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Czech Band Mydy Rabycad at the Henley Festival, reviewed by Ian Mole

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It seemed a difficult task at first. A young band from the Czech Republic playing their first U.K. gig and trying to win over an audience – with an average age of about sixty – who’d almost certainly never heard their music before. Also, Mydy Rabycad are a dance band and this was an all-seater…

Ian Mole | July 15, 2015
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Review of Mydy Rabycad’s ‘Glamtronic’, by Ian Mole

Mydy Rabycad are a four piece group from Prague who describe themselves as an electroswing dance band: a good way to encapsulate their sound. Nero Scartch on drums and keyboards is the mainstay of the band, co-writing the music for ten out of the eleven songs here,  as well as writing the lyrics for three…

Ian Mole | June 8, 2015
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‘Hungarian Musical Life in the Shadow of Nazism’, reviewed by Nick Barlay

‘It’s not pretty,’ says Ágnes Kőry, Hungarian-born musician, teacher and researcher in historical musicology, to open her talk marking Holocaust Remembrance Day at the Hungarian Cultural Centre. ‘It’s not a happy story but it must be told.’ The story in question relates to Jewish musicians during that uncertain, troubled and ultimately murderous period of Hungary’s…

Nick Barlay | April 25, 2015

‘Paris of the East: An Evening of French and Romanian Songs’, reviewed by Camelia Ciobanu

The Romanian Cultural Institute London  has just celebrated the International Week of the Francophonie, an organization that recognizes 57 countries affiliated with French culture, either through having French as mother tongue or through cultural and historical ties. Together with the newly born Rimbaud &Verlaine Foundation  in London, the ICR  put together an evening of poetry…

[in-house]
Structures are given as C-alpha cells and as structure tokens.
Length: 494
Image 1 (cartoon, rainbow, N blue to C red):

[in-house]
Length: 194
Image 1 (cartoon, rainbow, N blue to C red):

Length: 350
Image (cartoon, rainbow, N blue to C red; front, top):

Camelia Ciobanu | March 31, 2015
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‘Fanfare Ciocarlia’ at Koko Camden reviewed by Depo Olukotun

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Comically large tubas, the wailing wah-wah of trumpets and an exuberant crowd with their hands in the air, it sounded and looked like the circus had come to town. Close, but not quite, it was Fanfare Ciocarlia that had come to Koko Camden. Fanfare Ciocarlia,  a Romanian brass ensemble, basking unashamedly in pure showmanship oblivious…

Depo Olukotun | March 22, 2015
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Gypsy Fever at the Hootananny Brixton, reviewed by Depo Olukotun

The country that was Yugoslavia might not exist anymore but it lives on in the hearts of some.  Katarina Gadjanski and other “ex-Yugoslavians” who came to see her ensemble The Gypsy Fever Quartet at the Hootananny Brixton proved the case, on what would have otherwise been just another Wednesday night. Gadjanski took a packed house…

Depo Olukotun | March 3, 2015

Lenka Dusilová and Baromantika at the Hoxton Square Bar and Kitchen, reviewed by Jana Gajdosova

On January 29th at the Hoxton Square Bar and Kitchen, Czech singer Lenka Dusilová and her band Baromantika tantalised those unfamiliar with her music,  while delivering considerable satisfaction to her loyal Czech fans. Dusilová, who arrived with her newborn baby, has performed solo acts in London before,  but this was the first time that she…

Jana Gajdosova | February 11, 2015
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‘Viv McLean & David LePage play Bartók’, reviewed by Natasha Berger

The 20th century’s great musical maverick and forerunner of our sampling, appropriating, multicultural world, Béla Bartók may well be the hippest composer in the canon. The first to synthesize the folk elements of his native Hungary with the avant-garde of his day, he was also a kind of proto-ethnomusicologist, collecting and transcribing music from remote…

Natasha Berger | February 5, 2015
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Béla Bartók’s Bluebeard’s Castle at the Royal Festival Hall, reviewed by Jonathan Karstadt

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The story of Bluebeard, popularised by the French writer Charles Perrault in his 1659 version, is among the oldest and best-known European folk tales. It differs from telling to telling, but invariably revolves around the arrival of a young bride at the home of her mysterious older husband, and the discovery of the murdered corpses…

Jonathan Karstadt | February 3, 2015